Unlike Costco, Walmart Has ‘No Plans’ to Accept Apple Pay

Costco, the world's second largest retailer behind Walmart, recently confirmed that it now accepts Apple Pay and other contactless payment methods at all of its 750 warehouse locations in the United States.


Walmart appears to be unfettered by the move, however, as it remains committed to its own Walmart Pay platform in the United States.

"Walmart Pay is the exclusive form of mobile payment accepted at Walmart and we have no plans for that to change," said Walmart spokesperson Erin Hulliberger, in a statement provided to MacRumors today.

Walmart Pay, built into the Walmart app for iOS and Android, works at any checkout lane with any major credit, debit, pre-paid, or Walmart gift card. To use it, a customer must tap on Walmart Pay and scan the QR code displayed at the checkout. An electronic receipt is automatically sent to the app.


Walmart was originally committed to the Merchant Customer Exchange consortium and its payments solution CurrentC, which was later postponed indefinitely, before launching Walmart Pay in 2015. As of July 2016, Walmart has rolled out Walmart Pay to some 4,600 of its locations in all 50 states.

In late 2015, Walmart's senior vice president of services Daniel Eckert said Walmart Pay allows "for integration of other mobile wallets in the future," which provided hope that the big-box chain may eventually accept Apple Pay and other contactless payments, but nearly three years later, that has yet to happen.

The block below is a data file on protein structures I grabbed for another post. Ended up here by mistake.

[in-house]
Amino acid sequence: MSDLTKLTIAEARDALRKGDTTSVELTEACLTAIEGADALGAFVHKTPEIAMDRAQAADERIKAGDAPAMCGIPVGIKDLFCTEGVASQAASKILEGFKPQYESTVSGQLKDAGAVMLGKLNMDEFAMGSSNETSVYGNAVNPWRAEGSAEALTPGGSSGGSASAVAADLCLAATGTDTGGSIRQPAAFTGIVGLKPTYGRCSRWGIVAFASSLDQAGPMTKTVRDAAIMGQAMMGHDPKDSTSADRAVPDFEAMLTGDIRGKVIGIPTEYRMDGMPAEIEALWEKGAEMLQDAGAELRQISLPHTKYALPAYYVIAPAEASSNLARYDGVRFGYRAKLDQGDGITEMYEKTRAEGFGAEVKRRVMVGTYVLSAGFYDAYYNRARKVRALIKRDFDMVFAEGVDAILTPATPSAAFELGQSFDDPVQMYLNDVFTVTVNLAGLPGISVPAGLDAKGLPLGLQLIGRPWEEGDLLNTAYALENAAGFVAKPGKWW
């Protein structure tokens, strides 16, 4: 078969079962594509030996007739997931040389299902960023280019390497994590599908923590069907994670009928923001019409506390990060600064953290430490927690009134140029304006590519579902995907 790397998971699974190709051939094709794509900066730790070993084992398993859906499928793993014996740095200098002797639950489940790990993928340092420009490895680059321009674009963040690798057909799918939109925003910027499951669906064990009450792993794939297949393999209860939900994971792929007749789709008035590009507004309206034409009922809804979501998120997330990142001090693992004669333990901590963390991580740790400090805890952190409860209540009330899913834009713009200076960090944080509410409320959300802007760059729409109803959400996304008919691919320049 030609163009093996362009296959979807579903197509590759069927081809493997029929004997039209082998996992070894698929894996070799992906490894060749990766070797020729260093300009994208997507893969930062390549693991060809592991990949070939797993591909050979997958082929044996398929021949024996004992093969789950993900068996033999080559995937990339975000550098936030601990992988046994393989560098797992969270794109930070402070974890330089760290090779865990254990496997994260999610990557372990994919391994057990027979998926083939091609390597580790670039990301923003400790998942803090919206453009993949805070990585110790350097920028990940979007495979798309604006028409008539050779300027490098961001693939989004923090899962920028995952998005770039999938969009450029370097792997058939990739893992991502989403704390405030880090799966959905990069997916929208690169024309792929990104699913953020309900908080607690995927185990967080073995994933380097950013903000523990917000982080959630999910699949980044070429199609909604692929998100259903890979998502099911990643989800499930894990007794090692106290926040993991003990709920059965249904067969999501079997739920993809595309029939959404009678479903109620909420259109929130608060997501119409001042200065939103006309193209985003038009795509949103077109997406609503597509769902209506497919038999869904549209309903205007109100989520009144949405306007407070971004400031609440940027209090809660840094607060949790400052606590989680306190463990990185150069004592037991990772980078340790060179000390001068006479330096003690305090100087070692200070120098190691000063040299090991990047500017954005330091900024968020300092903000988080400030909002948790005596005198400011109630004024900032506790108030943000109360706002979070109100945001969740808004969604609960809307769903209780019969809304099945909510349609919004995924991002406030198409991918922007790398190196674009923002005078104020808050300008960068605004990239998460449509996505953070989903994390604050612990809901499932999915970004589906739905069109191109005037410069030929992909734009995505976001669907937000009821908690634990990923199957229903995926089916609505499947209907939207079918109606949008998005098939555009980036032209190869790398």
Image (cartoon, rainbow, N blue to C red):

Walmart's resistance to Apple Pay continues despite many other large retailers, including Best Buy, Rite Aid, and now Costco, reversing course and accepting the payments solution in stores. Apple recently confirmed that pharmacy chain CVS and 7-Eleven convenience stores will also accept Apple Pay starting later this year.

Last year, rival big-box chain Target likewise said it had "no plans" to make Apple Pay available in its stores, despite accepting it as a payment method in its app. Instead, Target launched a barcode-based solution.

Apple Pay launched in the United States in October 2014, providing tap-to-pay functionality with a compatible iPhone or Apple Watch after setting up a supported credit or debit card in the Wallet app. Apple Pay is now available in more than 20 countries, and is set to launch in Germany later this year.

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Walmart Pay ‘Close to Surpassing’ Apple Pay in U.S. Mobile Payments Usage

Walmart announced "Walmart Pay" in December of 2015, bundling its mobile payment solution directly into the Walmart app for iOS and Android devices and entering the market one year after Apple's own Apple Pay launched in 2014. Now available nationwide in 4,774 Walmart stores, Walmart Pay is "close to surpassing" Apple Pay in terms of mobile payments usage in the United States (via Bloomberg).

According to Daniel Eckert, senior vice president of Walmart services and digital acceleration, Walmart Pay is enrolling "tens of thousands of new users a day," and has seen a steady growth over the past few months. Two-thirds of those who try it use it again within twenty-one days. These statistics give Eckert confidence that Walmart Pay will soon beat Apple Pay in the U.S., "in terms of use by shoppers in stores where they're accepted."